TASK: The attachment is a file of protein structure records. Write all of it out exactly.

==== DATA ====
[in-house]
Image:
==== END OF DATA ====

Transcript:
[in-house]
Image: